Domingo, 07 de septiembre de 2014

Catholic Calendar
and Daily Meditation

Sunday, September 7, 2014

Twenty-third Sunday in Ordinary Time

Scripture for Sunday's Liturgy of the Word:

Ezekiel 33:7-9
Psalm 95:1-2, 6-7, 8-9
Romans 13:8-10
Matthew 18:15-20

A reflection on today's Sacred Scriptures:

Am I my brother's keeper?

This was the lame excuse Cain gave to God ages ago when asked where his brother Abel was.

At many different times, God tells us that we are responsible for each other's well-being. Each person on this earth can have an effect for the good or evil of our society, and God will surely call us to an accounting at the end of our lives.

In today's first reading, God says to Ezekiel, "You, son of man, I have appointed watchman for the house of Israel." Then, by order of God, Ezekiel is to draw a picture for his fellow countrymen showing what a watchman is like and what he is expected to do.

He draws a picture for them of Israel at war. A watchman is chosen to be on the lookout for the enemy forces. When he spots them, he is to sound a trumpet to warn them. If they heed his warning and take shelter, then they will be saved, but if they ignore the trumpet alert and perish, it will not be held against the watchman.

He incurs no guilt, because he has done his duty. He has given them due warning. Now, it is the duty of each individual citizen to act accordingly; if he fails to do so, he bears the responsibility for whatever harm comes.

In an earlier chapter of Ezekiel, we find the same words, but with a shocking twist: God is seen as warning the people that He Himself may come at an unexpected hour to call them to judgment! We are indeed our brother's keepers; we are watchmen for the Lord's coming!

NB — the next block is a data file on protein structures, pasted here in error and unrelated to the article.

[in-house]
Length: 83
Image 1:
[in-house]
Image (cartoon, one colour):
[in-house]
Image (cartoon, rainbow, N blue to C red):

In the Gospel reading from Matthew, we have the same message. Each one of us has a duty to warn our brother and sister of the consequences when they sin. First, take them aside privately so as not to embarrass them. If they don't do anything about it, then take one or two witnesses with you when you warn them.

If all else fails, call the Church together (i.e., ask your pastor to help you out)! These are the rules for fraternal correction. When are we excused from this procedure? Spiritual writers say that if we know the person will get extremely angry, or when we're certain that it won't work!

St. Paul, in the second reading, backs up this teaching when he says, "Owe nothing to anyone, except to love one another, for one who loves another has fulfilled the Law." All ten commandments are fulfilled when we love God and our neighbor as we love ourselves.

We mustn't let ourselves off too lightly. The process of forgiveness and the work of reconciliation are likely some of the most difficult aspects of Christian life for many followers of Jesus.

The well-worn maxim "forgive and forget" can apply to many grievances. Indeed, psychologically it may be easier to settle on forgiveness in one's heart and let go of the past, than to wrestle with the complicated process of reconciliation. Forgiveness can allow us to put the past behind us, to achieve a certain measure of peace, even if relationships are not restored.

Reconciliation is more difficult, because it struggles with the demands of justice. Reconciliation requires an encounter between offender and offended and a movement on the part of both toward a restored equilibrium. It is no wonder that in his Second Letter to the Corinthians, St. Paul calls this task the ministry of reconciliation, for it is truly that kind of work ~ can be hard.

We pray this weekend for all world leaders who send ambassadors to other nations to engage in that work. And we pray that each one of us can engage in that ministry when it's needed at home.

- Msgr. Paul Whitmore | email: pwhitmore29( )  

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Publicado por verdenaranja @ 18:48  | Espiritualidad
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